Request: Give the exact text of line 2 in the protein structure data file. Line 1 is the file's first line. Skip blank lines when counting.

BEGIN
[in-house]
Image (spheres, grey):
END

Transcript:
Image (spheres, grey):